After two weeks at the Patriotic School, we were on leave for two or three days in London and then were transported to the boot camp of Camberley in a suburb of London where we really began our military life in the Free French Forces.

II

The Free French volunteers contributed to the resistance and to the liberation in their work in London and England in 1943, 44. May the reader forgive me for writing in the first person. In the enormous historical background where great actors, great statesmen work for the liberation of Europe, the modest soldier that I was, is making his modest contribution. With a memory better than mine, other veterans have also made more interesting contributions (see attached bibliography).

The Camberley Camp
Camberley is a little pleasant town in the county of Surrey. It is about 50 miles, one hour by train from the London station of Waterloo. This is the location of the military academy of Sandhurst, the English equivalent of the American West Point. The majority of British statesmen and generals of Great Britain, including Winston Churchill, are former students of Sandhurst.

The basic location of the Free French was on a large plateau, well above the city. We were under order of colonel Renouard. Our barracks were a vast settlement of Nissen Huts (semi-circular shelters of corrugated metal). General De Gaulle mentions our troops at Camberley in his memoir by saying:  “at the camp of Camberley the colonel Renouard introduces me to a battalion of infantry, a small artillery unit, the telecommunication units, etc….Every six months a group of soldiers graduates.” (Paris: Gallimard, Pleiade, Edition 2000, p.242).

The officers and non-coms do their best to form various promotions every six months. Some of my friends had a very distinguished career after graduating from Camberley. My great friend Serge Cany, from Madagascar, graduated as a sergeant, and eventually became a lieutenant. He distinguished himself in the campaign to liberate the south of France. He has a mention in the book Compagnons de la Libération (Jean Christophe Notin, 1061 Compagnons, Paris: Perrin, 2000, p. 741).

Among the officers entrusted to our training, I remember the name of Mantoux. There were two Mantoux brothers, sons of the professor and diplomat who was an interpreter between Clemenceau and Woodrow Wilson after the first World War. Military training is often a painful routine, but there were a few pleasant moments; in particular the 14th of July, 1943. The Free French marched through the streets in front of friendly Londoners, as we are on duty in front of the statue of Maréchal Foch, behind the Victoria railroad station. I am proud that I was a member of this company, of my own volition, at that historic honoring of France, occupied currently, but honoring the liberation of  the Bastille on the 14th of July, 1789. This was the last parade of the Free French in London. After the short service, we were free and could stroll in the quiet sunny capital.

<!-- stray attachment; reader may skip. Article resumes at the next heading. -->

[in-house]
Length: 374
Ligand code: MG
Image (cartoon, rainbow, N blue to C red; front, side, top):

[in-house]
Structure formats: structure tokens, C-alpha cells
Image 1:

The summer of 1943 was very pleasantly warm; the afternoons were long. We could relax at the Camberley swimming pool and playing sports was encouraged. We were even allowed to wear civilian clothes outside the camp in order to play tennis. There was a nice library of donated French books.

We were roused daily from sleep by the trumpet blaring the famous and ubiquitous “Reveille.” Every day after Reveille, we have a period of exercise on the parade ground. One of our southern officer’s could never pronounce it right and calls it the “paragroum.” We were barely awake and very high in the blue sky, we saw the white tracers of planes on their way to devastate Germany. We heard the hardly muffled sounds of large American bomber planes, called “flying fortresses.”
The camp was comfortable and well warmed with coal. However, the cooking was often very bad. I remember having been sent to the infirmary because the military doctors were afraid of an epidemic of dysentery.